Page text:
“Where are we in the conservation of the Turret?”

Here at the Monitor Center we often get asked, “What’s happening with the treatment of the turret?” To hear the answer to that question, this presentation is for you! The lecture will discuss the treatment of the turret to date and describe the current and projected plans for the long-term preservation of the giant artifact.

Saturday July 9, 2016 @ 2:30 PM – 3:30 PM Presented by: Elsa Sangouard, Conservator, USS Monitor Project

“Going Through the Batten Conservation Complex’s Lab Fridge”

In addition to the large number of metal artifacts in the USS Monitor collection, there are also about 700 organic-based objects. Ranging from common gaskets containing fabric to sophisticated garments and wooden gun tools, all of these artifacts spend some time in our walk-in refrigerator before being conserved; some of them are still there awaiting treatment. This presentation will provide an overview of the vast organic collection recovered from the Monitor’s wreck site and discuss how conservators within the Batten Conservation Complex at The Mariners’ Museum and Park are stabilizing these artifacts for future generations. The conservation treatment of a wool pea coat recovered from the turret in 2002 will be highlighted.

Saturday August 13, 2016 @ 2:30 PM – 3:30 PM Presented by: Lesley Haines, Assistant Conservator, USS Monitor Project

“Fugitive Slaves and the Use of Steamships and Small Crafts to Escape in the 1850’s”

The Underground Railroad is a well-known topic within American society, but the maritime routes used by fugitive slaves to escape are often overlooked. By re-examining William Still’s The Underground Railroad Records (1872) and using relevant archival material relating to the port of Philadelphia, two main uses of waterways becomes apparent; the individual hiding on commercial passenger steamers and captains of small vessels bringing groups of slaves northward. This paper focuses on one steamer, the City of Richmond, as its career parallels the issue of the fugitive slave between the Fugitive Slave Act of 1850 and the outbreak of the Civil War in 1861.

Saturday September 10, 2016 @ 2:30 PM – 3:30 PM Presented by: Will Hoffman, Conservation Project Manager and Senior Conservator, & Laurie King, Assistant Conservator, USS Monitor Project

“Keeping It Cool – Using Dry-Ice Cleaning in the Conservation of the USS Monitor Artifacts”

The conservation of artifacts recovered from a marine environment can often be quite challenging; largely because of the unique seafloor burial conditions of the objects. Therefore, during the conservation process, new techniques and methods are developed to overcome difficult treatment challenges. This presentation will discuss the use of dry-ice cleaning to remove corrosion from archaeological metal artifacts from the USS Monitor. Hear about how conservators identified the technique was safe, for the artifacts and the conservators, as well as how it will accelerate the Monitor conservation project.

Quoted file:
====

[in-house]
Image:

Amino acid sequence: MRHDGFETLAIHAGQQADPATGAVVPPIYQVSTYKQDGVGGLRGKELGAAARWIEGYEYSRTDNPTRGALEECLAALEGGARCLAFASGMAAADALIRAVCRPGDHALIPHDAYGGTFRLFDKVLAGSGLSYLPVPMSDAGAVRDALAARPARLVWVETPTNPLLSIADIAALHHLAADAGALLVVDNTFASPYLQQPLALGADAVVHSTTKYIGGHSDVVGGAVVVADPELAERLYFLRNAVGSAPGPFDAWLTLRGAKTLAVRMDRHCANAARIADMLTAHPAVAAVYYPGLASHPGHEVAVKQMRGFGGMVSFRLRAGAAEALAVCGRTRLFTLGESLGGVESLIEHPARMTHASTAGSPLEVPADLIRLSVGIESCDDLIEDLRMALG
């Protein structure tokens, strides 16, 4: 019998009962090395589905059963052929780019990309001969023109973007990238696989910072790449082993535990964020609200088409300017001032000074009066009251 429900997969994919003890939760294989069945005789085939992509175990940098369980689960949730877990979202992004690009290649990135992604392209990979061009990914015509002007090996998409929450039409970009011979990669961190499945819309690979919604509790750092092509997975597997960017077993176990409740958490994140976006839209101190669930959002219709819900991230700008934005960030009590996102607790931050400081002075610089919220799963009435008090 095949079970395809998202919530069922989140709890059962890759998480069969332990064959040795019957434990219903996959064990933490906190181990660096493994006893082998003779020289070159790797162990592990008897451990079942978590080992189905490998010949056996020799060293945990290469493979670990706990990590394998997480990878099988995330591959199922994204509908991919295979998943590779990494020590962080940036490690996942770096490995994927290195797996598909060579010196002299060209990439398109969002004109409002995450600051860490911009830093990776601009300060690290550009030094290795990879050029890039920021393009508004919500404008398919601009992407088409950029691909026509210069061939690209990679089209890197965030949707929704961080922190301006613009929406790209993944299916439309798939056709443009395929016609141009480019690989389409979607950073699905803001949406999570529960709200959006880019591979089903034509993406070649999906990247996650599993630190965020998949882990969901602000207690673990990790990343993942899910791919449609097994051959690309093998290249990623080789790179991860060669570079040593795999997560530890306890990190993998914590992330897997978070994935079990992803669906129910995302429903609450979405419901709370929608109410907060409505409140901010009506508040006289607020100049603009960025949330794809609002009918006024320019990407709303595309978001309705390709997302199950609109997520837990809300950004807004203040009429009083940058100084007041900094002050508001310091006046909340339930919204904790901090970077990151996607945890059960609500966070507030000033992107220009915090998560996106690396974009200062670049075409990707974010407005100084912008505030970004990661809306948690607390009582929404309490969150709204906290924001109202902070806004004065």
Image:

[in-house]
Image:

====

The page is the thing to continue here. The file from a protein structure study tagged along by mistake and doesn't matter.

Saturday October 8, 2016 @ 2:30 PM – 3:30 PM Presented by: Kate Sullivan, Conservator, USS Monitor Project

“Why Composite Artifacts are Tricky to Conserve”

Despite the USS Monitor being an iron ship, there was a large quantity of organic material recovered during excavations such as wood, rope, leather and rubber. Individually the treatment of these materials is reasonably straightforward. When an artifact is made up of multiple materials that cannot be separated, usually a combination of metals and organics, conservation treatment of these composite artifacts becomes more complicated. This presentation will discuss research being conducted in the USS Monitor Conservation laboratory on the treatment of composite artifacts.

Saturday November 12, 2016 @ 2:30 PM – 3:30 PM Presented by: Joe Hoyt, NOAA’s Monitor National Marine Sanctuary Archaeologist

“3-D Monitor: the use of 3-D technology to map a shipwreck”

Want to experience what it’s like at the Monitor‘s wreck site? Or maybe at a WWII U-boat? This lecture enables you to experience sites like these without having to strap on scuba gear! NOAA archaeologist, Joe Hoyt, will discuss ongoing work within the Monitor National Marine Sanctuary and at other wreck sites within the Graveyard of the Atlantic using 3-D imagining techniques.

Saturday December 10, 2016 @ 2:30 PM – 3:30 PM Presented by: John V. Quarstein, Director, USS Monitor Center & Foundation

“Gibraltar of the Confederacy – Fort Fisher”

Wilmington, North Carolina on the Cape Fear River was perhaps the most effective blockade runners’ port – trading cotton and tobacco for munitions, medicines, clothing, and other war material. Located 29 miles upriver from the Atlantic Ocean, it was defended by a series of forts of which the most important was Fort Fisher. Named for Colonel Charles Fisher of the 6th North Carolina, who was killed at 1st Manassas, the fort was the largest seacoast earthen fortification in the world. The Federals endeavored to capture the fort 23-27 December 1864 by a joint operation commanded by Major General Benjamin Butler and Rear Admiral David Porter; yet, the expedition failed. A second amphibious assault descended on Fort Fisher on 13-15 January 1865. This assault successfully closed the last port available to support the Confederate armies in the east.